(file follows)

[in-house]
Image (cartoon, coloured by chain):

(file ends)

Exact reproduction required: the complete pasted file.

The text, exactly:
[in-house]
Image (cartoon, coloured by chain):